China is one of more than 30 countries to which Newegg plans to expand its marketplace in 2017.
The U.S. Supreme Court today said it will hear eBay’s appeal of an appellate court decision ordering the enforcement of a permanent injunction against the online auction giant’s “Buy It Now” feature and its fixed price business.
The U.S. Supreme Court today said it will hear eBay’s appeal of an appellate court decision ordering the enforcement of a permanent injunction against the online auction giant’s “Buy It Now” feature and its fixed price business. The decision comes in a patent-infringement suit filed by a small Virginia-based company, MercExchange, against eBay.
“EBay is gratified that the Supreme Court has agreed to hear this important case,” the company said in a statement. “We have believed all along that MercExchange-which does not practice its own patents and only exists to sue others-should not be entitled to an injunction.”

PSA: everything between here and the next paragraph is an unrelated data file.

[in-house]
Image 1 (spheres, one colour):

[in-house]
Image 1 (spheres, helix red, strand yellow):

Despite the high court’s decision to hear the appeal, MercExchange remains confident that it will prevail in the case, said Scott Robertson, the company’s lead attorney, in a statement.
“Today’s ruling does nothing that affects the validity or infringement of the patents in the suit,” Robertson said. “By admitting to the infringement in their Supreme Court petition, eBay abandoned any pretense of innocence. The bottom line is whether we will be able to obtain a permanent injunction on eBay’s buy-it now operations or whether the court will force a compulsory license.”
The appeals court in March upheld a U.S. District Court ruling that eBay’s Buy It Now feature infringed on a patent held by MercExchange, and also upheld the District court’s order that eBay was liable for damages of $25 million for violating the patent.
Later that month, the U.S. Patent Office “initially” revoked the patent claim by MercExchange on consignment auction technology, deeming it “obvious” or otherwise unpatentable.